Venezuelan Foreign Minister Dismisses US Travel Ban

Venezuelan Foreign Minister Dismisses US Travel Ban

The Trump administration has sought to punish Maduro and his government for what USA officials say is a slide toward dictatorship.

Venezuela's Foreign Minister Jorge Arreaza last week accused US President Donald Trump of being "racist and supremacist" after Trump told the UN General Assembly that the US was ready to act to restore Venezuela's democracy.

Invoking former Venezuelan President Hugo Chavez's famous quip that the podium "smells like sulfur" after then-U.S. President George W. Bush addressed the assembly in 2006, Arreaza said: "It's still valid".

Whereas Trump lashed out at Venezuela, calling the administration of President Nicolas Maduro a "socialist dictatorship" that destroyed a once wealthy country, Arreaza reminded the USA president - a man who only received enough popular votes to claim second place in last year's US presidential campaign - that Venezuela has held 22 elections in the past 18 years. But he added later that his country was open to dialogue with the U.S. "Nobody is asking for intervene in Latin America or the Caribbean".

Venezuelan President Nicolas Maduro said the administration's decision to include Venezuelan officials on a travel ban is a form of "political and psychological terrorism".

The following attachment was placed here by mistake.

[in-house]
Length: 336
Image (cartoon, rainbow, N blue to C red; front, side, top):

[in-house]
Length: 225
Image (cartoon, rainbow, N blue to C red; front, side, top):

Venezuela's Supreme Court gutted the opposition-controlled congress in March.

The new restrictions replace an expiring 90-day measure that had locked Trump in political and legal battles since he took office in January over what critics alleged was an effort to bar Muslims from the country.

Tens of thousands of Venezuelans have fled the country's political and economic turmoil.

It came hours after the White House announced a new executive order adding three new countries - Venezuela, North Korea and Chad - to a list that already included Libya, Iran, Syria, Somalia and Yemen, while removing Sudan. The United States has introduced financial sanctions against the Venezuelan government.

On Sunday, Trump signed an order that will bar certain Venezuelan government officials and their immediate families from entering the U.S. The Trump administration says Venezuela's government has been uncooperative in verifying whether its citizens represent national security threats.

Last week, Trump told the assembly Venezuelan President Nicolas Maduro was running a "corrupt regime.' Maduro responded from Caracas by calling Trump 'the new Hitler" of global politics.

Following his speech, Arreaza told reporters that President Nicolas Maduro was open to holding talks with his USA counterpart, but reserved the right to defend his country from foreign aggression.

"The US are constantly attacking us, there was new aggression yesterday, related to the visas for diplomats and their families", Arreaza said.